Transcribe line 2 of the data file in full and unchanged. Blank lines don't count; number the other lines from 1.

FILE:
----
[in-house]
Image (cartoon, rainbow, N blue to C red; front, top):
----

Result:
Image (cartoon, rainbow, N blue to C red; front, top):